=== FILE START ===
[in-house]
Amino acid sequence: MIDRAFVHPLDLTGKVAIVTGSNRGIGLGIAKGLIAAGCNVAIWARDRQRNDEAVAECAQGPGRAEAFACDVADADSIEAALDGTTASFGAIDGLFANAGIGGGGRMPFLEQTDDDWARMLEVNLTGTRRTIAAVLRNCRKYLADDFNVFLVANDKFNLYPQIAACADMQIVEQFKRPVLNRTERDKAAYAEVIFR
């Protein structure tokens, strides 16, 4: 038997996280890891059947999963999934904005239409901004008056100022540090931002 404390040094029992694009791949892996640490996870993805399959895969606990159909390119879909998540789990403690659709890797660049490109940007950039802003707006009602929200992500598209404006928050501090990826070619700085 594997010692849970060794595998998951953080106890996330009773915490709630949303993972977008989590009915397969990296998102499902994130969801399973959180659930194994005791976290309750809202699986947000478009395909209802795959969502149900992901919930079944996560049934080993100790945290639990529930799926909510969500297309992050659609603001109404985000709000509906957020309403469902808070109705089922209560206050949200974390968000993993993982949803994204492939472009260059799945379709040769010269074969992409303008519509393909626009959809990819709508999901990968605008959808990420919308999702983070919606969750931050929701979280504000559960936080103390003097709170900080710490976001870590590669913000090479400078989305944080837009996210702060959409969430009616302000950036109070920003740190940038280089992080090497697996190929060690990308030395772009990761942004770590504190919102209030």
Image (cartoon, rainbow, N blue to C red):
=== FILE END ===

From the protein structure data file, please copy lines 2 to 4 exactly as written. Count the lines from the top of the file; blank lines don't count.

Amino acid sequence: MIDRAFVHPLDLTGKVAIVTGSNRGIGLGIAKGLIAAGCNVAIWARDRQRNDEAVAECAQGPGRAEAFACDVADADSIEAALDGTTASFGAIDGLFANAGIGGGGRMPFLEQTDDDWARMLEVNLTGTRRTIAAVLRNCRKYLADDFNVFLVANDKFNLYPQIAACADMQIVEQFKRPVLNRTERDKAAYAEVIFR
């Protein structure tokens, strides 16, 4: 038997996280890891059947999963999934904005239409901004008056100022540090931002 404390040094029992694009791949892996640490996870993805399959895969606990159909390119879909998540789990403690659709890797660049490109940007950039802003707006009602929200992500598209404006928050501090990826070619700085 594997010692849970060794595998998951953080106890996330009773915490709630949303993972977008989590009915397969990296998102499902994130969801399973959180659930194994005791976290309750809202699986947000478009395909209802795959969502149900992901919930079944996560049934080993100790945290639990529930799926909510969500297309992050659609603001109404985000709000509906957020309403469902808070109705089922209560206050949200974390968000993993993982949803994204492939472009260059799945379709040769010269074969992409303008519509393909626009959809990819709508999901990968605008959808990420919308999702983070919606969750931050929701979280504000559960936080103390003097709170900080710490976001870590590669913000090479400078989305944080837009996210702060959409969430009616302000950036109070920003740190940038280089992080090497697996190929060690990308030395772009990761942004770590504190919102209030």
Image (cartoon, rainbow, N blue to C red):